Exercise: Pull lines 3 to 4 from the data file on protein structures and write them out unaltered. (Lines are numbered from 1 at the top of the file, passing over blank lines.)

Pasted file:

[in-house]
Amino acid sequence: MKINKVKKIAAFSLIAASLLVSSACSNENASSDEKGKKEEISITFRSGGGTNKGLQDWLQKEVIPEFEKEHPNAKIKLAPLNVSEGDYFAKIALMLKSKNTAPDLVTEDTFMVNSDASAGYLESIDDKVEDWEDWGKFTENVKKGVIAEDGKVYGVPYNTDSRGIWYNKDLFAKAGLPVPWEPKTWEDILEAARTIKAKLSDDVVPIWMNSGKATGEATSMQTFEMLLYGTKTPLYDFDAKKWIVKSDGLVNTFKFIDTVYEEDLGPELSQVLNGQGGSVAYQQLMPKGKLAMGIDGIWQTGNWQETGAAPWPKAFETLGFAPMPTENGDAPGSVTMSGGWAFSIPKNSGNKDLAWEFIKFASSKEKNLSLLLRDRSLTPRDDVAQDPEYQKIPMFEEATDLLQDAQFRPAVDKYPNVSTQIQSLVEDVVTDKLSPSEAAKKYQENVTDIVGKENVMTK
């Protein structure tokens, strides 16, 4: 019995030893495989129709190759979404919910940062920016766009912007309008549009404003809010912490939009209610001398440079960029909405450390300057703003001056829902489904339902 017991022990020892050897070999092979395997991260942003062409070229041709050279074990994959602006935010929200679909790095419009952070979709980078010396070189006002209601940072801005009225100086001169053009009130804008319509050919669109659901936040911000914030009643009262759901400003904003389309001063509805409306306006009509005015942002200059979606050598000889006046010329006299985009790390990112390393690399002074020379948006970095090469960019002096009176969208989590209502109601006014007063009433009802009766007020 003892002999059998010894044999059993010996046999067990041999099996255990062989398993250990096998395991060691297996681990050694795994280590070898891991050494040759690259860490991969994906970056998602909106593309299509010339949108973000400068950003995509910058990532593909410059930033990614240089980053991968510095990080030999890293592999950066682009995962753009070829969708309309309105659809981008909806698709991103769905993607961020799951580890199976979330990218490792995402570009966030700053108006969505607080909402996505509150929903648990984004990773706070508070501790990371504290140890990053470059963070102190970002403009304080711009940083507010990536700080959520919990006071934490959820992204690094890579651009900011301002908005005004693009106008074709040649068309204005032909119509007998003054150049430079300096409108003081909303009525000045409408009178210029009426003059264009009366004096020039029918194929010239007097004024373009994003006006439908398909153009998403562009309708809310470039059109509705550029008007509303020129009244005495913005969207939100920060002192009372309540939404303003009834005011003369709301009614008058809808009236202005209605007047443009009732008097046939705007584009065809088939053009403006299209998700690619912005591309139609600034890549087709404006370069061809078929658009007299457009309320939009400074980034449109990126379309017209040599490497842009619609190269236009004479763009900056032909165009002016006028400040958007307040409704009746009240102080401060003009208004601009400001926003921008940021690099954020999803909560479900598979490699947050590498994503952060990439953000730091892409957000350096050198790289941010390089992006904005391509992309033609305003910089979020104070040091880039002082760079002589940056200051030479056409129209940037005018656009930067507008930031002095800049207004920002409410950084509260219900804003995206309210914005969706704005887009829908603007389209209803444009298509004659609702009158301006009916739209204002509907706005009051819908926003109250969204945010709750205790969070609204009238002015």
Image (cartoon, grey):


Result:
């Protein structure tokens, strides 16, 4: 019995030893495989129709190759979404919910940062920016766009912007309008549009404003809010912490939009209610001398440079960029909405450390300057703003001056829902489904339902 017991022990020892050897070999092979395997991260942003062409070229041709050279074990994959602006935010929200679909790095419009952070979709980078010396070189006002209601940072801005009225100086001169053009009130804008319509050919669109659901936040911000914030009643009262759901400003904003389309001063509805409306306006009509005015942002200059979606050598000889006046010329006299985009790390990112390393690399002074020379948006970095090469960019002096009176969208989590209502109601006014007063009433009802009766007020 003892002999059998010894044999059993010996046999067990041999099996255990062989398993250990096998395991060691297996681990050694795994280590070898891991050494040759690259860490991969994906970056998602909106593309299509010339949108973000400068950003995509910058990532593909410059930033990614240089980053991968510095990080030999890293592999950066682009995962753009070829969708309309309105659809981008909806698709991103769905993607961020799951580890199976979330990218490792995402570009966030700053108006969505607080909402996505509150929903648990984004990773706070508070501790990371504290140890990053470059963070102190970002403009304080711009940083507010990536700080959520919990006071934490959820992204690094890579651009900011301002908005005004693009106008074709040649068309204005032909119509007998003054150049430079300096409108003081909303009525000045409408009178210029009426003059264009009366004096020039029918194929010239007097004024373009994003006006439908398909153009998403562009309708809310470039059109509705550029008007509303020129009244005495913005969207939100920060002192009372309540939404303003009834005011003369709301009614008058809808009236202005209605007047443009009732008097046939705007584009065809088939053009403006299209998700690619912005591309139609600034890549087709404006370069061809078929658009007299457009309320939009400074980034449109990126379309017209040599490497842009619609190269236009004479763009900056032909165009002016006028400040958007307040409704009746009240102080401060003009208004601009400001926003921008940021690099954020999803909560479900598979490699947050590498994503952060990439953000730091892409957000350096050198790289941010390089992006904005391509992309033609305003910089979020104070040091880039002082760079002589940056200051030479056409129209940037005018656009930067507008930031002095800049207004920002409410950084509260219900804003995206309210914005969706704005887009829908603007389209209803444009298509004659609702009158301006009916739209204002509907706005009051819908926003109250969204945010709750205790969070609204009238002015």
Image (cartoon, grey):